Ramaphosa: Africa concerned about Ethiopian conflict

JOHANNESBURG

The chairman of the African Union (AU) and South African President Cyril Ramaphosa said late Friday that African nations are deeply concerned about the conflict in Ethiopia.

Ramaphosa made the statement while meeting Ethiopian President , who paid a visit to South Africa as Special Envoy of Prime Minister .

Zewde briefed Ramaphosa about the conflict between the Tigray and armed forces.

Fighting for nearly two weeks has destabilized the East African nation, with reports of several deaths.

“President Ramaphosa expressed his deep desire that the conflict should be brought to an end through dialogue between the parties,” the AU chair said in a series of tweets.

– AU appoints special envoys

Ramaphosa informed Zewde he appointed three distinguished statespersons as special envoys of the body who will travel to Ethiopia to help mediate between parties.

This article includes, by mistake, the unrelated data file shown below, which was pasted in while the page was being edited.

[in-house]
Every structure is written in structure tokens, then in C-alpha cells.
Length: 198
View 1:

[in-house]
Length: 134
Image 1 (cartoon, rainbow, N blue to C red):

These include former President of Mozambique Joaquim Chissano; Madame Ellen Johnson-Sirleaf, former President of Liberia and Kgalema Motlanthe, former President of South Africa.
“The primary task of the Special Envoys is to engage all sides to the conflict with a view to ending hostilities, creating conditions for an inclusive national dialogue to resolve all issues that led to the conflict, and restoring peace and stability to Ethiopia,” said the AU chair.

He said Ethiopia occupies a place of pride and honor in the history of Africa, having successfully resisted colonialism and played a leading role in the decolonization of Africa.

It is also the headquarters of the African Union, a symbol of the continent’s unity, he said.

“It is against this background that the ongoing conflict is a matter of great concern not only for countries in the region of the Horn of Africa, but for the continent as a whole,” he said.

Ramaphosa said the special envoys are to help the fraternal people of Ethiopia find a solution to current problems, in the spirit of solidarity, guided by the dictum of “African solutions for African problems.”

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